Back to the floor
There is, without doubt, a great deal of prestige attached to serving in the job as Presiding Officer of the Scottish Parliament.
But by taking on the high-profile job, MSPs have to put aside, in public at least, their own political allegiances and agendas.
It is no surprise then, that what Alex Fergusson most looked forward to as he returned to regular parliamentary duty after last year’s elections, was being able to take the floor in the Holyrood chamber and debate matters once more, particularly when discussing rural issues.
The chance to speak up for rural Scotland is what first brought the former sheep farmer to politics, first as a South of Scotland list MSP, then representing Galloway and Upper Nithsdale and now the altered constituency of Galloway and West Dumfries.
“I came to this Parliament because I wanted to be able to speak up on rural issues,” he said, “and there is a slight frustration when you’re sitting in the chair of the Parliament – particularly in rural debates – and you hear other members talking about something that, if you were sitting in the benches you would be trying to intervene, or point out why you didn’t think that they were talking a great deal of sense.”
He adds: “There is an element of frustration about that, although I didn’t find it terribly difficult.” However, he says: “What I am enjoying is just being able to take part again in these debates, being able to make the points on behalf of what I perceived were the best interests of rural Scotland but also my constituents as I do so.” It is possible, he says, to raise these issues while still in that position, but only behind the scenes, never publically.
Fergusson became the Parliament’s third PO in 2007, after the election that saw the SNP form Scotland’s first minority government. He had hesitated before putting himself forward, because he had just been given an “enormous vote of confidence” by the voters, taking his slim 99-vote majority, to a more healthy 3,333.
“I was just delighted to be back in the Parliament because I had assumed I might not be, given the national trend of politics. “The whole swing was towards the Scottish National Party. I had no notion, genuinely, and no idea that I might even think of being offered the role of Presiding Officer, or being asked to put my name forward, until after the election.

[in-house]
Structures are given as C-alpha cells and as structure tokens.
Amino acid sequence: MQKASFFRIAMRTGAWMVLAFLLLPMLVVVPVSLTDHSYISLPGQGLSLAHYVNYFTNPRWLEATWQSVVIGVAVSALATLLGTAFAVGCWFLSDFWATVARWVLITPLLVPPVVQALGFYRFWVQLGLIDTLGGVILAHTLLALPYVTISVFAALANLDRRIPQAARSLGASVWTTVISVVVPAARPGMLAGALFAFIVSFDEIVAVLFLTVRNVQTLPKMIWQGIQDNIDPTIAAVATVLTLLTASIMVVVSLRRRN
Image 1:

He adds: “It wasn’t so much a reluctance to take on the job, it was a reluctance to be seen possibly saying to my constituents, ‘Thanks for [the] vote of confidence for returning me into Parliament, but I’m off now to live in Edinburgh and I’ll see you in four years’ time.’”
But after consulting with his predecessor George Reid, people in his constituency and his own team, he decided it would be possible to take on both roles. “The fact I got back into Parliament again, although with a very different boundary this time, suggests I didn’t entirely fail.” This current batch of MSPs is the fourth since devolution. Each one has been overseen by a different PO, something which Fergusson sees as a positive.
He says he is pleased to have broken an invisible barrier, by being the first to stand again as a regular member of the Parliament.
“I think what I have achieved by standing again successfully is to break what was in danger of becoming a tradition that you did four or five years as Presiding Officer and then rode off into the sunset.
“Had that become a tradition, I think it would have been a bad one, because in a parliament of only 129 people that’s quite confining. I hope one day somebody will stand again as an MSP and then stand again as Presiding Officer and do two terms.” He speaks with genuine passion about his time as PO and says: “It was a massive privilege and I loved it. But four years was enough and I felt that was right for me.” His successor as PO is Tricia Marwick, picked from the ranks of the ruling SNP, but she has since proved not averse to pulling up members of her party for not following parliamentary rules.
Fergusson says she has put “her own stamp” on the role and has the interests of the Parliament at heart, but said it was not helpful for predecessors to make comment or pass judgement.